News Release

BBVA Foundation Award in Development Cooperation

The BBVA Foundation Frontiers of Knowledge Awards seek to recognize and encourage world-class research and artistic creation

Grant and Award Announcement

Fundación BBVA

The BBVA Foundation Frontiers of Knowledge Award in the Development Cooperation category has gone in this inaugural edition to the Abdul Latif Jameel Poverty Action Lab (J-PAL) at the Massachusetts Institute of Technology (MIT).

The BBVA Foundation Frontiers of Knowledge Awards seek to recognize and encourage world-class research and artistic creation and can be considered second only to the Nobel Prize in their monetary amount, an annual 3.2 million euros, and the breadth of the scientific and artistic areas covered.

The awards, whose selection process is scientifically advised by the National Research Council (CSIC), take in eight categories carrying a cash prize of 400,000 euros each. The Development Cooperation award, the second to be decided, is to honor research endeavors and practical actions in the fight against poverty and exclusion.

More effective aid

Between 1960 and 2008 a total of USD 2.7 trillion was spent worldwide on development cooperation. But until very recently no techniques were available to gauge the real effectiveness of this effort. J-PAL analyzes development assistance programs to determine whether the funds invested are being properly utilized and are delivering the desired results, something similar to the way an audit works in the corporate environment. Experts in development economics believe the scientific tools this laboratory deploys represent a before and after in aid program evaluation.

Speaking on behalf of J-PAL, its co-director, French economist Esther Duflo, expressed her delight at the award and all it would mean for the MIT Poverty Action Lab, whose work, in her words, "attempts to respond accurately to the question about where development money really goes and which programs work and which not, so we can plan better for the future of development cooperation".

J-PAL, founded in 2003 by three economists at MIT, has successfully built up a worldwide network of experts. The laboratory promotes the use of 'randomized trial' methods to evaluate development interventions, similar to those employed to test experimental drugs and vaccines. J-PAL has applied them, for instance, to measure the effectiveness of bednet campaigns in the fight against malaria or of strategies to reduce teacher absenteeism. The U.S. laboratory's advocacy of this approach has led to it being taken up by numerous international institutions.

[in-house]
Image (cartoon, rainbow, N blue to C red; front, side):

A valuable tool

In its award certificate, the jury cites J-PAL's success in promoting "the scientific evaluation of development interventions by using randomized trials applied to areas including education, health and financial markets". The methods used by J-PAL have been shown to be "a valuable tool for answering specific policy questions", and its work "has led to the expanded use of this approach by development practitioners and researchers".

It goes on to remark that "the method has been extended to policy questions where nobody had previously thought to use it and, in some cases, has led to important policy actions".

J-PAL's directors are Abhijit Banerjee, Esther Duflo and Rachel Glennerster.

Abhijit Banerjee (India, 1961) is a professor of economics at MIT and co-director of J-PAL. With Esther Duflo, he has conducted randomized evaluations in the education sphere. He has also assessed reforms of informal schools in tribal areas in India, working with local NGOs.

Esther Duflo (France, 1972) is a professor of economics at MIT and co-director of J-PAL. She has evaluated policies to promote agricultural productivity in Kenya as well as the impact of women and lower caste members of village councils in India.

Rachel Glennerster (United Kingdom, 1965) is Executive Director of J-PAL. She is currently researching into community-driven development in Sierra Leona, the empowerment of adolescent girls in Bangladesh and health, education and microfinance in India.

The jury in this inaugural edition was chaired by the Director of the Economic Growth Center at Yale University (United States), Mark R. Rosenzweig. Remaining members were Jonathan Morduch, Professor of Public Policy and Economics at New York University; Norman Loayza, Lead Economist in the Research Department of the World Bank; Jonathan Temple, Professor of Economics at the University of Bristol (United Kingdom) and José García Montalvo, Chairman of the Economics Department at Pompeu Fabra University.


The BBVA Foundation supports knowledge generation, scientific research and the promotion of culture, relaying the results of its work to society at large. This effort materializes in research projects, human capital investment, specialization courses, grants and awards. Among the Foundation's preferred areas of activity are basic sciences, biomedicine, ecology and conservation biology, the social sciences and literary and musical creation.

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